SNOW HILL – The trial of an Ocean City man charged with first-degree murder in the beating death of a Berlin teen in May began on Wednesday with an hours-long jury selection phase, providing new insight to the lengthy, but critical process for both the state and the defense.
It was standing room only in the historic courtroom in Snow Hill on Wednesday as the trial began for Dominic Richard Canale, 22, of Ocean City, who is charged with first-degree murder in the beating death of Michael Harry Mitchell in an otherwise quiet neighborhood in Berlin. After the start of the trial was delayed briefly because one of the witnesses was reportedly stuck in traffic because of an accident on Route 113, Judge Theodore Eschenberg, who is presiding over the case, began the lengthy process of selecting the jury that will ultimately decide Canale’s fate.
At least 100 potential jurors crowded into the courtroom, joining dozens of others including family members of the accused and the victim, witnesses who will ultimately be called in the case, members of the media and even curiosity seekers. The result was a standing room only crowd with every seat in the many benches filled along with a throng around the perimeter of the courtroom two deep in some places.
The first order of business was selecting a jury of 12 of Canale’s peers along with two alternates from the pool of at least 100 potential candidates. What followed was a lesson in the legal system in general, and reminder of the complexities of selecting a jury specifically. First, Eschenberg provided a broad list of instructions to the jury pool covering a variety of standard issues that might be heard in any courtroom in the country.
Then, Eschenberg interviewed each and every potential juror at the bench while Deputy State’s Attorney Mike Farlow, who is prosecuting the case, and defense attorney Charles Bruce Anderson, along with Canale himself, stood by closely scribbling notes on sheets of paper with the jurors’ names and numbers on them. The potential jurors were brought before the bench in small groups based on where they were sitting or standing in the courtroom in a slow process that lasted about an hour and a half. No more than a few of the potential jurors were dismissed during this phase of the process and most went back to their seats or where they were standing.
The judge then addressed the remaining members of the jury pool, asking them a wide variety of questions designed to winnow the size of the group further. With each question, members of the jury pool that responded yes or were uncertain of their answers were asked to stand up. The questions ranged from their possible relationship to the defendant to their potential knowledge of the case to their potential relationship with the attorneys on either side or their relationship to the witnesses.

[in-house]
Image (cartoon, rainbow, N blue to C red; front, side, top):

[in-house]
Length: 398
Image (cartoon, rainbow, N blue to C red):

As each question was asked, typically a half a dozen or so of the potential jurors stood up and explained to Eschenberg his or her relationship to the parties involved. Quite a few of the potential jurors responded they knew, worked with or lived near the defendant, the victim, the witnesses, the attorneys or the law enforcement officers involved in the case.
However, most told the judge their relationships with the parties involved would not prevent them from being a fair and impartial juror in the case. A few were dismissed during this segment of the jury selection process, but after well over an hour, the field was still not much smaller than it was when the process started.
Eschenberg then asked the jury pool another handful of questions more specific to the case at hand. For example, the jurors were asked if they had any philosophical difficulty with the concept of innocent until proven guilty. They were also asked if being shown potentially gory pictures would cause them any problem. In a question that would prove to be prophetic later when the trial began, the jurors were asked if they believed self defense was an acceptable reason to take another’s life under certain circumstances. Again, a handful of potential jurors were dismissed during this segment of the process.
With the extensive question and answer period dispensed with, Farlow and Anderson were ready to get down to the nuts and bolts of the process. The clerk of the court announced each potential juror’s name and number one by one and they were asked to stand up. As each was called, the two attorneys in the case would either accept to deny them as members of the jury. If either attorney rejected a juror, they would be asked to sit back down. If both attorneys accepted a juror, they would be asked to proceed to the jury box. One by one, the seats in the jury box were filled until there were 12 jurors and two alternates.
Whether by design, or by accident, the attorneys ended up with a jury that appears to be a representative cross sample of Worcester’s population. The final jury included seven females and five males of varying ages. It also included eight white jurors and four African-American jurors, again of varying ages and apparent socio-economic backgrounds.